Bruce Weber genuinely loves Gene Keady, so we might as well get used to the platitudes and the feel-good stories about their relationship. Much of Coach Weber's philosophy, especially about hard-nosed man-to-man defense and motion offense, was formulated during 18 years of practice under Coach Keady's leadership. I know how hard it is for us to accept this and to hear about it over and over, but some of our present success can be attributed to a coaching expertise molded within our present coach by our basketball enemy Gene Keady.

Many Illinois fans have developed hate feelings toward Purdue and Gene Keady because they have beaten us so often. I have many painful memories of losses to them, and I am as tired of it as anyone. But to beat them, we must understand them. We must be able to beat them at their own game. It helps to have had spies in their huddles over all these years (Weber and assistant Jay Price), and Bruce Weber is capable of beating him as much as anyone for having been there. Weber knows Keady will give every ounce of energy he has to beating his beloved student, so Weber also knows energy must be returned in like kind.

I read a few posters a couple months ago who were disgusted upon hearing that Weber and Price were celebrating a Purdue victory on TV. Granted, if Weber and Price were here just to aid Purdue (a woman's basketball coaching assistant actually did this a few years ago), then I would be alarmed. But a person with a big heart like Bruce Weber has plenty of room in there to love both Purdue and Illinois. In fact, he would not be himself unless he continued to find new people to love while retaining previous ones. Such is the nature of a big-hearted person.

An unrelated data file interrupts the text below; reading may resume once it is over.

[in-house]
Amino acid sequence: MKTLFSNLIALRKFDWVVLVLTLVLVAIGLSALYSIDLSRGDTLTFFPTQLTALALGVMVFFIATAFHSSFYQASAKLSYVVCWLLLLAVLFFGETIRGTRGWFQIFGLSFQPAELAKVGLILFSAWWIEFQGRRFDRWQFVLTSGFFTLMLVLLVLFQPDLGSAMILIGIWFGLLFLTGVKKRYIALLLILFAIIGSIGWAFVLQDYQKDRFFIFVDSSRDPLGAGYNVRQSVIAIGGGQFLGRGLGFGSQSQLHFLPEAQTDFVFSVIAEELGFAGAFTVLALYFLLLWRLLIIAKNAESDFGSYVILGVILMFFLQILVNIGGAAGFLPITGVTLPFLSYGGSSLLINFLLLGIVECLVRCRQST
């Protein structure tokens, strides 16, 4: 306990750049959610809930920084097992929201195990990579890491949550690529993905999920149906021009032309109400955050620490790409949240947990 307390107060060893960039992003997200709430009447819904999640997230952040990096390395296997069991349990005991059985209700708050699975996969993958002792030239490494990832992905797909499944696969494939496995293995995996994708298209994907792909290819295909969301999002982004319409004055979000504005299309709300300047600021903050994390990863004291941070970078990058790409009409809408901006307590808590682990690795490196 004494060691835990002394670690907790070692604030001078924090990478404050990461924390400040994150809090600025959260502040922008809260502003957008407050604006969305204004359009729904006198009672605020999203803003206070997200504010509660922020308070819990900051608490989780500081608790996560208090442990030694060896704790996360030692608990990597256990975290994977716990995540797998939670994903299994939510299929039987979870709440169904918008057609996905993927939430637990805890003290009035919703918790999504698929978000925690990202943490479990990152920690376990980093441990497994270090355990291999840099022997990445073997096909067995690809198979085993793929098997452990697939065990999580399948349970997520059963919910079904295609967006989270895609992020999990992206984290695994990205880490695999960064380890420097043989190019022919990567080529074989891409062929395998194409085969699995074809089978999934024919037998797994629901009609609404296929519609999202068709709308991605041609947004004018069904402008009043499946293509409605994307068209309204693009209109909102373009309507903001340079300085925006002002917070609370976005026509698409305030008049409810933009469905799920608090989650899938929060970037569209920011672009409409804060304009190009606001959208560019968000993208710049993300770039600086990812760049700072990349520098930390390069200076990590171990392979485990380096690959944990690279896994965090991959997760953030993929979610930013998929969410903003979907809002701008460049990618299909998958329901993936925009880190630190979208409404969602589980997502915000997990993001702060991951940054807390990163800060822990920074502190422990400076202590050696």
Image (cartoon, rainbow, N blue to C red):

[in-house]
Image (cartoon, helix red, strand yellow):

Yes, we lost to Purdue at home, but that was not because Weber loves Gene Keady. Rather, Purdue played a practically perfect game. As Weber predicted, Keady had his charges breathing fire after being embarrassed in their game preceding ours. During the course of that game, Purdue was precise at controlling tempo, waiting until the last 5 seconds of the shot clock to shoot. And they then hit a high percentage of those shots despite deadline pressure.

Keady did a masterful job of preparing his troops for that game. We should credit him for his ability, knowing we will have the same advantages against good teams in the future with Bruce Weber as our coach. We don't have to love Keady to respect the job he did that day, and it is that respect that will require us to give our best to beat him.

We cannot expect our own fans to start loving Gene Keady because most people don't possess Weber's great heart. But there's no reason why we should be all-or-none about him either. The middle ground is to allow Coach Weber to love Coach Keady while also loving Illinois, and then to trust him to know the difference when he is playing basketball against Purdue. A true teacher helps the student to free himself from the constraints of the teacher, allowing the student to become a teacher capable of rising above his mentor. There is every reason to believe that Coach Weber has done that.